Back in the day when I was still a wee one, one of my elementary school teachers read my class The Witches by Roald Dahl, after which, I took the film version out from the local library and became obsessed with it. Looking back, this was pretty unusual behavior for a child that otherwise was incredibly afraid of anything remotely scary, and this movie is definitely too terrifying for any child. I really thought I had been the only person who loved this movie as a kid until I started seeing it pop up on Twitter recently with photos of Anjelica Huston looking incredible in her black bodycon dress, blunt bob, and witchy eye makeup. It then occurred to me how unnerving it was that this movie was supposedly made for children. Upon re-watching it, the message is very clear that The Witches hates women, but it is still as absurd as ever with some incredible costuming and puppetry (no surprise there, as this was produced by Jim Henson).
The film opens with a grandmother named Helga (Mai Zetterling) telling her grandson Luke (Jasen Fisher) a story about a girl she once knew who was kidnapped by a witch and put into a painting for the rest of her life. The witches all wear wigs because they are bald, have no toes, and believe that clean children smell like dog droppings. Helga watches Luke for the night while he parents are out, but they wake in the morning to police at the door who tell them the parents have died in a crash. The pair mourn and pack to move back to England, where Helga is from. They room in a hotel by the sea after Helga is diagnosed with diabetes, where a convention is being held for The Royal Society for the Prevention of Cruelty to Children, the leader of which is very hot Anjelica Huston. If you couldn’t tell, the “society” is actually made up of witches, not just hoards of white women who like children a lot. The manager of the hotel is also Rowan Atkinson, to add more to the incredibly ridiculous given circumstances.
The majority of the film is composed of the meeting of the witches in a large ballroom that Luke follows them into. He hides and watches as the head witch conducts the gathering, which begins with her removing her prosthetics and wig to reveal a more witch-like older woman who has rotting skin and long fingers. Her look, though traditional to historical designs of witches, does, however, play into Jewish stereotypes in the same way as the goblins from Harry Potter: she has a hooked nose, and in this film, that’s evil. The rest of the witches have average white women faces, but this is a huge misstep and considering the anti-Semitic past of Roald Dahl. So let’s really hope the design in the reboot is an update from this outdated trope.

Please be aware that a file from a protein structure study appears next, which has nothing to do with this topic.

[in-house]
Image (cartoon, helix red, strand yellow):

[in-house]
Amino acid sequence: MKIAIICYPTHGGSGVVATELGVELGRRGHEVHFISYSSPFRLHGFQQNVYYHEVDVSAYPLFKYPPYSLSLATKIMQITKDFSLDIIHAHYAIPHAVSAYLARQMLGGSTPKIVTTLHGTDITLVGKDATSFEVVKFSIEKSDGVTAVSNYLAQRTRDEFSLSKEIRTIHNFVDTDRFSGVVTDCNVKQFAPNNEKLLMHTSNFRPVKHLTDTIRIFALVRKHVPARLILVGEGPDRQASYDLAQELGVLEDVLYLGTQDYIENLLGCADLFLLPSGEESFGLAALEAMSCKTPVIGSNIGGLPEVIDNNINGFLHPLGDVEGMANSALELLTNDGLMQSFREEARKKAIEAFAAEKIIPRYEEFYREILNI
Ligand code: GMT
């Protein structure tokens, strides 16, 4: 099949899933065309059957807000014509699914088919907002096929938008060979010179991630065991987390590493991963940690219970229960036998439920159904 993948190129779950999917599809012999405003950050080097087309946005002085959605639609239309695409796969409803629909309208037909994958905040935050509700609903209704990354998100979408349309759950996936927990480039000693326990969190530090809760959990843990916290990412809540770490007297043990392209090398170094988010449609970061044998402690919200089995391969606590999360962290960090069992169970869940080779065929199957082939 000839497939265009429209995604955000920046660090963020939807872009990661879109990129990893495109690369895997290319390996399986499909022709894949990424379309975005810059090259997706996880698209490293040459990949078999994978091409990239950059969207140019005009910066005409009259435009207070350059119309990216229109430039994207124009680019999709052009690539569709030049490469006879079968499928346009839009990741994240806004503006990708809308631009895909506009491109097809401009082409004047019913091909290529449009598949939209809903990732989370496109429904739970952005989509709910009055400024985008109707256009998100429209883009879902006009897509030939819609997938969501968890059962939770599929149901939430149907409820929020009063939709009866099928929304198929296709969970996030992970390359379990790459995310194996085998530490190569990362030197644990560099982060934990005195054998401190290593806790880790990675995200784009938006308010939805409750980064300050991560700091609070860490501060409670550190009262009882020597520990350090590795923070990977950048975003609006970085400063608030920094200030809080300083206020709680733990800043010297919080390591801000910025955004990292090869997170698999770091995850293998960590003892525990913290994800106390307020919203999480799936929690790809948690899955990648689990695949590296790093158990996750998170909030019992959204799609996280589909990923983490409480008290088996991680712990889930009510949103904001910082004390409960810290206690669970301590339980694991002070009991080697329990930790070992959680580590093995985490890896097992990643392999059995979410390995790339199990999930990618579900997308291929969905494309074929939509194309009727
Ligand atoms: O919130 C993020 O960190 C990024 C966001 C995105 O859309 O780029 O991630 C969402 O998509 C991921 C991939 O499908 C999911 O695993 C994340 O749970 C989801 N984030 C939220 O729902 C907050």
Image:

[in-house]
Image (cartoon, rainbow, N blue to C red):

The head witch reveals a new plan to turn children into rats, which she has already done to another young boy in the hotel. The women are essentially foaming at the mouth while they watch young Bruno transform from boy into mouse. Before the convention is dismissed, they find Luke and transform him into a mouse as well. For the rest of the film, both boys are talking mouse puppets who are able to communicate with Helga to plot revenge against the witches. The puppets are expertly designed and the film teaches us to love the mice as if they are real children, even to the point where in the last scene Luke tells Helga “I like being a mouse.” Though the movie feels like it should be pronouncing a pro-child narrative, it is more like a pro-mouse narrative, which I am not against, but it is a choice.
Overall, the film, and the book for that matter, are not shy about condemning women who do not want children. The witches are all after one thing and that is to get rid of children without getting caught, and with the target audience being children, this is a pretty dangerous narrative. While we are made to root for cute little mice, a trope loved by young people everywhere, children are still picking up on the message that women are bad and they WILL harm you. There is a lesson to be found here that perhaps talking to strangers is a thing to watch out for, all the examples of strangers here are women who will try to lure you in with candy. In reality, the most common predator of children is someone they know, and it is more than likely that the predator is male. This is not to say that women strangers cannot be predators, but the movie does argue that actually, absolutely all of them will be.
As an adult, The Witches is a journey of twists and turns where we get to see a young Anjelica shine, but generally, the narrative presented is not so great for its intended audience. The movie is being remade for a 2021 release with a stellar new cast and crew, including Guillermo del Toro, so let’s all hope for a modern twist on one of the more odd stories for kids.